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The Silicon-Controlled Rectifier (SCR)
Shockley diodes are curious devices, but rather limited in application. Their usefulness may be expanded, however, by equipping them with another means of latching. In doing so, each becomes true amplifying devices (if only in an on/off mode), and we refer to these as silicon-controlled rectifiers, or SCRs. The progression from Shockley diode to SCR is achieved with one small addition, actually nothing more than a third wire connection to the existing PNPN structure: (Figure below)

The Silicon-Controlled Rectifier (SCR) If an SCR's gate is left floating (disconnected), it behaves exactly as a Shockley diode. It may be latched by breakover voltage or by exceeding the critical rate of voltage rise between anode and cathode, just as with the Shockley diode. Dropout is accomplished by reducing current until one or both internal transistors fall into cutoff mode, also like the Shockley diode. However, because the gate terminal connects directly to the base of the lower transistor, it may be used as an alternative means to latch the SCR. By applying a small voltage between gate and cathode, the lower transistor will be forced on by the resulting base current, which will cause the upper transistor to conduct, which then supplies the lower transistor's base with current so that it no longer needs to be activated by a gate voltage. The necessary gate current to initiate latch-up, of course, will be much lower than the current through the SCR from cathode to anode, so the SCR does achieve a measure of amplification. This method of securing SCR conduction is called triggering, and it is by far the most common way that SCRs are latched in actual practice. In fact, SCRs are usually chosen so that their breakover voltage is far beyond the greatest voltage expected to be experienced from the power source, so that it can be turned on only by an intentional voltage pulse applied to the gate. It should be mentioned that SCRs may sometimes be turned off by directly shorting their gate and cathode terminals together, or by "reverse-triggering" the gate with a negative voltage (in reference to the cathode), so that the lower transistor is forced into cutoff. I say this is "sometimes" possible because it involves shunting all of the upper transistor's collector current past the lower transistor's base. This current may be substantial, making triggered shut-off of an SCR difficult at best. A variation of the SCR, called a Gate-Turn-Off thyristor, or GTO, makes this task easier. But even with a GTO, the gate current required to turn it off may be as much as 20% of the anode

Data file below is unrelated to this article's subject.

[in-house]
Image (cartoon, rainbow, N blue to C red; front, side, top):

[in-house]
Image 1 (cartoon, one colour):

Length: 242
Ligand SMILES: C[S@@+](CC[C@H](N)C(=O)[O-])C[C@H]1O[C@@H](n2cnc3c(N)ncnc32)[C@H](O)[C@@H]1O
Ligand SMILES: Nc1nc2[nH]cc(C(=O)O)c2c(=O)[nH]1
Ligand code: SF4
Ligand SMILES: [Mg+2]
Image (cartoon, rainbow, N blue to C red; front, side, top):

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(load) current! The schematic symbol for a GTO is shown in the following illustration: (Figure below)